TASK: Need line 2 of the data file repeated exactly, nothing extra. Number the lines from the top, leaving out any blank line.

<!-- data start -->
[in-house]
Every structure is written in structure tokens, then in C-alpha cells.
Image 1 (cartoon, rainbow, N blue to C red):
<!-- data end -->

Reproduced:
Every structure is written in structure tokens, then in C-alpha cells.